Getting Started with Queen Rearing
Why raise queens?
Some background into the history of queen production over
the last 100 years.
If you read the beekeeping literature of the past 100
years, one thing stands out -- we have been trying to create the perfect
queen and article after article complains about queens. Just what does a
queen buyer expect from a queen?
A well bred queen -- one that
lays well and produces a lot of brood
Not always a genetic factor:
Weather is a big factor -- cool, wet breeding
days during the first 15 days of new queens life has more to
do with proper breeding than anything else is.
Ample drone populations -- Each virgin queen mates
approximately 15 to 20 times. According to USDA experts, a
drone population of approximately 50 drones per queen is
needed for excellent mating results. Excellent drone mother
hives are a must -- The drone provides 50% of the genetic
material for the new bees.
A queen that is not superseded -- This
is a common complaint.
Bees seem to know if something is wrong with a queen. They set about
replacing her. Many things can happen to a queen.
- Shipping conditions - Hot over heated in transit or chilled at some point.
- Injury -- often time's bees will chew at the feet of a new queen
introduced into a hive while she is still in her introduction cage.
- A handling injury by the queen breeder when caging the queen.
A queen that produces gentle bees -- Aggressive
bees are not fun.
This is a genetic factor; it can be controlled by selection of
breeding stock and drone stock. This
is where the queen breeder really does his/her thing in selection.
A queen: greater honey production from her bees--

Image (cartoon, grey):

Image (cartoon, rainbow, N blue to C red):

A new queen should pay for herself in greater honey
production: At current honey prices an increase of 15 to 20
pounds of additional honey is required.
Again this is genetic breeding -- select from only the best
A queen should be disease resistant, mite resistant, and anything
Again this is genetic breeding, introduction of new bees such
as Russian queens and their genetic pool into breeding programs
and critical selection of current bee stock.
So much attention has been made of the superior qualities of certain
queens. Be sure you are not falling into the "hype" of these
advocates. Consumers always want the newest, latest, most improved model
of anything. If someone were to advertise their queens as "Guaranteed
to survive from year to year, produce 500 pounds of honey per hive;
completely resistant to AFB, and all other diseases
-- thus no chemical or treatment ever required; her bees born with no
stinger -- so no fear of stinging; and best of all: the bees will stack supers on the
hive and empty the honey supers when the season is over into your buckets,
drums, or even your one pound jars."
How many of you would run out an buy a queen advertised
by a breeder as described above? Pretty outrageous claims
wouldn't you say!
Why you can raise your own queens and they will most likely be just as
good as those you buy!
First, there is no mystery in raising queens. The bees will do
the job for you. Second, if you select from the best queen you have
then you will be making improvement in something you already have!